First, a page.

annexe blog — leadership

When I was active in politics, I was quite successful. I ended up running organisations on a national level. You don’t get to do that unless you are seen to be good at what you do.

I decided, ultimately, to drop out of politics.

I’ve been a programmer for decades. Yet I have never progressed in that way.

The main reason is this: many people in software management don’t have a clue what they’re doing. That, or they do, but they’re not able to do so. They will fit in to whatever is necessary to please those further up the chain. They often end up blindly following some fad or other. This isn’t so silly. When it goes wrong, as it will, they don’t get too much of the blame if they obviously followed their boss’s belief.

The problem is, of course, that people who see through the fad don’t get to climb the tree. I didn’t climb the tree. That’s because I wasn’t seen to believe. I did climb the tree in politics partially because I did believe: political parties are about a common belief. You don’t join if you don’t share the belief. There was no fad to block your progress, we all had the same fad.

The real reason I didn’t get to climb the tree is that I refused the opportunities I had. It was a deliberate choice, too: I didn’t want to climb the tree. That might have been a mistake, but it’s a mistake made. I had other priorities. I have never been a one trumpet man, I have always had to spend time and energy on multiple things. My arts are too important to me.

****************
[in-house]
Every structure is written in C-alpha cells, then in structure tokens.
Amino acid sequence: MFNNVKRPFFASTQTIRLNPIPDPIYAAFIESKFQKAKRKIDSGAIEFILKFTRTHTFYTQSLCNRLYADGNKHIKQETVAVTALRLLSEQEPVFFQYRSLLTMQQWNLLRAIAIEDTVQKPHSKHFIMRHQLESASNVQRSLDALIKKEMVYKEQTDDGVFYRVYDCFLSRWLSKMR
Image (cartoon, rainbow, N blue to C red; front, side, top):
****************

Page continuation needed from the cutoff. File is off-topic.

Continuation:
Putting all these together, the only way I could ever progress is to join the right organisation, or start my own successful business. I could never progress when working for fad–fascinated organisers. In fact, I followed the money, usually, wrongly presuming money indicated quality.

Let me make one thing clear: I have worked for some high quality managers and organisations. They were, though, unfortunately, rare. I was working as a contractor, in a role to do a particular engineering job, which I did.

The best decision I ever made professionally was nothing to do with any of this. It was to leave the UK. But that’s another blog.

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